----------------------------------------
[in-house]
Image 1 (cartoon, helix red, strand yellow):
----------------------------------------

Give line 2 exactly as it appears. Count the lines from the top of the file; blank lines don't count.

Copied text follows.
Image 1 (cartoon, helix red, strand yellow):